Difference between revisions of "XScreenSaver"
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[http://wiki.gotux.net/codebashpnclck PanicLock] -- Lock your screen in XFCE4 and close selected programs in background.
Revision as of 19:26, 14 March 2012
- 1 Installing XScreenSaver
- 2 Configuring XScreenSaver
- 3 Starting XScreenSaver
- 4 Lock Screen
- 5 Disabling XScreenSaver for Media Applications
- 6 Using XScreenSaver as animated wallpaper
- 7 Theming
- 8 See Also
Alternatively, there is a patched version with the Arch Linux logo in the AUR named AUR. Running this package instead of the one available in the official repositories is advantageous for several reasons:
- Since makepkg is compiling it from source code, the resulting package will contain processor-specific optimizations unique to your specific system -- assuming you set up your
/etc/makepkg.confwith the appropriate CFLAGS and CXXFLAGS.
- This package is Arch-branded (screensavers, lock screen, etc.)
- If running GNOME, this package will provide an icon to enter the XScreenSaver preferences under System>Preferences>Screensaver whereas the package in the official repositories does not.
Launch the GUI configuration window with
Simply installing the package is not enough to have it run automatically. The
xscreensaver program has to be started, which is commonly done by the desktop environment via a line in
~/.xinitrc as follows:
/usr/bin/xscreensaver -no-splash &
& argument makes the
xscreensaver program run in the background and is required.
If operating with multiple users with a display manager (e.g. SLiM, GDM, KDM) it is best to start XScreenSaver via the desktop manager's native screensaver interface. This allows full management of user switching. For example, if using GNOME, install and but only have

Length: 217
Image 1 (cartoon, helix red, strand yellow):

gnome-screensaver active. This allows for all the screensavers to be selected, and keep the ability for user switching in the event that one user has the screen locked, and another user wants to "switch users" to he/she can access to the box.
Another option to retain multi-user support, without having to install a second screensaver, is to modify either
~/.xscreensaver for per-user settings, or
/usr/share/X11/app-defaults/XScreenSaver for global settings, and add the following line.
You may immediately trigger
xscreensaver, if it is running, and lock the screen with the following command:
$ xscreensaver-command --lock
Disabling XScreenSaver for Media Applications
Add the following to
heartbeat-cmd="xscreensaver-command -deactivate >&- 2>&- &"
There is no native support within XBMC to disable XScreenSaver (although XBMC does come with its own screensaver). A 3rd party application available in the AUR called AUR does just this. Once running, simply add
xbmc.bin to the list of apps for automatic activation.
There is no native way to disable XScreenSaver for flash, but there is script named lightsOn that works great and has support for Firefox's Flash plugin, Chromium's Flash plugin, MPlayer, and VLC.
Using XScreenSaver as animated wallpaper
You can run
xscreensaver in the background, just like a wallpaper.
First, kill any process that is controlling the background (the root window).
Locate the desired XScreenSaver executable (they are usually on
/usr/lib/xscreensaver/) and run it with the
-root flag, like this
$ /usr/lib/xscreensaver/glslideshow -root &
XScreenSaver as wallpaper under xcompmgr
xcompmgr may cause problems, so you need to use xwinwrap to run it in order to use it as wallpaper. You can find it as AUR.AUR in the
Run it with the following command:
$ xwinwrap -b -fs -sp -fs -nf -ov -- /usr/lib/xscreensaver/glslideshow -root -window-id WID &
PanicLock -- Lock your screen in XFCE4 and close selected programs in background.